THE SOUL OF SING LEE
by Ben Hecht, 1921
(Written as a feature article for the Chicago Daily News)
The years have made a cartoon out of Sing Lee. A withered yellow face with motionless black eyes. Thin fingers that move with lifeless precision. Slippered feet that shuffle as if Sing Lee were yawning.
A smell of starch, wet linen and steam mingles with an aromatic mustiness. The day’s work is done. Sing Lee sits in his chair behind the counter. Three walls look down upon him. Laundry packages–yellow paper, white string–crowd the wall shelves. Chinese letterings dance gayly on the yellow packages.
Sing Lee, from behind the counter, stares out of the window. The Hyde Park police station is across the way. People pass and glance up:
Sing Lee, Hand Laundry,
5222 Lake Park Avenue.
Come in. There is something immaculate about Sing Lee. Sing Lee has been ironing out collars and shirts for thirty-five years. And thirty-five years have been ironing Sing Lee out. He is like one of the yellowpackages on the shelves. And there is a certain lettering across his face as indecipherable and strange as the dance of the black hieroglyphs on the yellow laundry paper.
Something enthralls Sing Lee. It can be seen plainly now as he sits behind the counter. It can be seen, too, as he works during the day. Sing Lee works like a man in an empty dream. It is the same to Sing Lee whether he works or sits still.
The world of collars, cuffs and shirt fronts does not contain Sing Lee. It
contains merely an automaton. The laundry is owned by an automaton named Sing Lee, by nobody else. Now that the day’s work is done he will sit like this for an hour, two hours, five hours. Time is not a matter of hours to Sing Lee. Or of days. Or even of years.
The many wilted collars that come under the lifeless hands of Sing Lee
tell him an old story. The story has not varied for thirty-five years. A
solution of water, soap and starch makes the collars clean again and
stiff. They go back and they return, always wilted and soiled. Sing Lee
needs no further corroboration of the fact that the crowds are at work.
Doing what? Soiling their linen. That is as final as anything the crowds
do. Sing Lee’s curiosity does not venture beyond finalities.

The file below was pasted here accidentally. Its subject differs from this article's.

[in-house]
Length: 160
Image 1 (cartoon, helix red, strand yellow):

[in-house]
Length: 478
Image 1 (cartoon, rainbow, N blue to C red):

* * * * *
Sing Lee is a resident of America. But this is a formal statistic and
refers only to the automaton that owns the hand laundry in Lake Park
Avenue. Observe a few more formal facts of Sing Lee’s life. He has never been to a movie or a theater play. He has never ridden in an automobile. He has never looked at the lake.
Thus it becomes obvious that Sing Lee lives somewhere else. For a man must go somewhere in thirty-five years. Or do something. There is a story then, in Sing Lee. Not a particularly long story. Life stories are sometimes no longer than a single line–a sentence, even a phrase. So if one could find out where Sing Lee lives one would have a story perhaps a whole sentence long.
“Mukee kai, Sing Lee.”
A nod of the thin head.
“Pretty tired, washing, ironing all day, eh?”
“When are you going to put in a laundry machine?”
A shake of the thin head.
“When are you going to quit, Sing Lee?”
Another shake of the thin head.
“You’re not very gabby tonight, Sing.”
A dignified answer to this: “I thinking.”
“What about, Sing Lee?”
A faint smile. The smile seems to set Sing Lee in motion. It comes from
behind the automaton. It is perhaps Sing Lee’s first gesture of life in
“You don’t mind my sitting here and smoking a pipe, eh?”
* * * * *
The minutes pass. Sing Lee stands up. He turns on a small electric light. This is a concession. This done, he opens a drawer behind the counter and removes a little bronze casket. The casket is placed on the counter. Slowly as if in a deep dream Sing Lee lights a match and holds it inside the casket. A thin spiral of lavender smoke unwinds from its mouth.
Sing Lee watches the spiral of smoke. It wavers and unwinds. A finger
writing; an idiot flower. Then it opens up into a large smoke eye. Smoke eyes drift casually away. An odor crawls into the air. Sing Lee’s eyes close gently and his thin body moves as he takes a deep breath.
His eyes still closed, Sing Lee speaks.
“You writer?” he murmurs.
“I too,” says Sing Lee. “I write poem.”
“Yes? When did you do that?”
“Oh, long ago. Mebbe year. Mebbe five years.”
Sing Lee reaches into the open drawer and takes out a large sheet of rice paper. It is partly covered with Chinese letters up and down.
“I read you in English,” says Sing Lee. His eyes remain almost shut. He
The sky is young blue.
Many fields wait.
Many people look at young blue sky.
Old people look at young blue sky.
Many birds fly.
At night moon comes and young blue sky is old.
Many young people look at old sky.
“Did you write that about Chicago, Sing Lee?”
“No, no,” says Sing Lee. His eyes open. The smoke eyes from the incense pot drift like miniature ghost clouds behind him and creep along the rows of yellow laundry packages.
“No, no,” says Sing Lee. “I write that about Canton. I born in Canton many years ago. Many, many years ago.”
Ben Hecht, A Thousand and One Afternoons in Chicago, 1922-3. Collection of articles from the Chicago Daily News, 1921.
Re-published by Project Gutenberg, http://www.gutenberg.org/dirs/etext05/8toac10.txt